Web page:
Philadelphia Medicine Winter 2017-18x - 20

p h i l a m e d s o c  .org

Feature continued
Mom's medical care has changed as well. We switched physicians
after the dreaded voicemail and were lucky enough to find a competent,
kind, loving geriatrician in Philadelphia who we now consider part
of Mom's care team. Her physician has been our guide as a family.
She meets with Mom for about 10 minutes to check her weight
and address any physical complaints and then she meets with our
family for the rest of the visit in a different room. We bring up the
things that we don't want to talk about in front of Mom. We talk
about bathroom habits, Mom accusing staff of stealing her things
and what she anticipates will be our next steps.
Our geriatrician has encouraged us to see this as a long process,
and told us not to come to every appointment, to call when we have
questions, to seek support groups and do what we can do, without
always feeling guilty that we should be doing more. She is also using
the language of illness, saying that Mom is "sick" which is such a
welcome contrast to well meaning friends and family saying that
Mom has a "little trouble with her memory." It helps me to wrap
my head around the massive emotional and financial toll this takes
on our family and the idea that this is not Mom's fault. She can't
try harder to remember, or just write stuff down. She has a massive,

upcoming
LECTURES AND EVENTS
feb 13: Pandora's Lab Book Talk Event
with author Dr. Paul A. Offit

concerts at the college presents
jan 29: Serafin String Quartet
feb 26: Philadelphia Orchestra Musicians
mar 26: Dolce Suono Ensemble
apr 11: Philadelphia Orchestra Musicians
may 21: Jordan Dodson

for more, visit: collegeofphysicians.org

20 Philadelphia Medicine : Winter 2018

terrible disease that is stealing her slowly from her life and daily she
loses track of something really important, some detail that made
her who she is/was.
The ongoing loss I feel is in communication with my Mom. I
miss her when I'm sitting next to her. My Mom's strength was in
how she listened and was able to piece out my worries through all
of my talking. She laughed at Dad's jokes, she sent cards and notes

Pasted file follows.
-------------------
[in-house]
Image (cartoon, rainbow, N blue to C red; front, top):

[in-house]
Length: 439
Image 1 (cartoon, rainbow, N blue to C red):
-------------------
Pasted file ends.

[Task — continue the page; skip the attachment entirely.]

at just the right times. Mom stopped understanding how to use her
phone, limiting the ways that we are able to reach her. At first she
just didn't know how to use her new cell phone, then she became
unable to dial but could still answer, and now she can't figure out
quite how to stop that ringing noise. She doesn't type emails like she
used to, or hand write letters for birthdays, or know what month it
is, let alone that it's her anniversary.
It hasn't been that long for our family. I still remember how Mom
would go to the store and buy something special for all of us, even
as adults. Something unique and different that she picked up from
pieces of conversation and held in her mind to surprise us. I know
that love is still there, but at times it's so hard to see through the
mind-numbing pain of her not remembering my husband's name,
not recognizing me on the phone, and not knowing my children
at all. They are young still, and don't notice that grandma doesn't
call them by name, or that she keeps calling my son a sweet girl.
But they are growing, and their grandma is very sick. And there is
no cure, no medicine to keep this illness from pulling Mom farther
away from all of us.
We are forced to not put weight into our conversations and instead
look at the other ways Mom is communicating with us. She lights
up when we come to visit. She looks relieved when her caretaker
arrives. When she is panicked and nervous, sometimes I am able
to reassure her and soothe some of that worry. The other day she
painted toilet paper rolls green and gave them to my son. It was a
really weird gift, and I found myself embarrassed by it. But my son
loved it and promptly started rolling his cars through them. So we
continue hoping for a medical breakthrough while looking for the
ways that Mom is still there, showing
us she loves us. *
Patti Cruz, MSW, LSW, is a social
worker and writer, who thinks
she is just as funny as her Dad
was. You can follow her @tryingforjoy and read her blog at
www.tryingforjoy.com.


https://philamedsoc.org/ http://www.collegeofphysicians.org http://www.tryingforjoy.com

Table of Contents for the Digital Edition of Philadelphia Medicine Winter 2017-18x

Philadelphia Medicine Winter 2017-18x - 1
Philadelphia Medicine Winter 2017-18x - 2
Philadelphia Medicine Winter 2017-18x - 3
Philadelphia Medicine Winter 2017-18x - 4
Philadelphia Medicine Winter 2017-18x - 5
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Philadelphia Medicine Winter 2017-18x - 30
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Philadelphia Medicine Winter 2017-18x - 32
http://www.nxtbook.com/hoffmann/PCMS_Philadelphia_Medicine/PhiladelphiaMedicine_Spring2020
http://www.nxtbook.com/hoffmann/PCMS_Philadelphia_Medicine/PhiladelphiaMedicineFallWinter2019
http://www.nxtbook.com/hoffmann/PCMS_Philadelphia_Medicine/PhiladelphiaMedicine_Summer2019
http://www.nxtbook.com/hoffmann/PCMS_Philadelphia_Medicine/PhiladelphiaMedicine_Spring2019
http://www.nxtbook.com/hoffmann/PCMS_Philadelphia_Medicine/PhiladelphiaMedicine_Winter2019
http://www.nxtbook.com/hoffmann/PCMS_Philadelphia_Medicine/PhiladelphiaMedicine_Fall2018
http://www.nxtbook.com/hoffmann/PCMS_Philadelphia_Medicine/PhiladelphiaMedicine_Summer2018
http://www.nxtbook.com/hoffmann/PCMS_Philadelphia_Medicine/PhiladelphiaMedicine_Spring2018
http://www.nxtbook.com/hoffmann/PCMS_Philadelphia_Medicine/PhiladelphiaMedicine_Winter2017x
http://www.nxtbook.com/hoffmann/PCMS_Philadelphia_Medicine/PhiladelphiaMedicine_Fall2017
http://www.nxtbook.com/hoffmann/PCMS_Philadelphia_Medicine/PhiladelphiaMedicine_Summer2017
http://www.nxtbook.com/hoffmann/PCMS_Philadelphia_Medicine/PCMS_Philadelphia_Medicine_Spring2017
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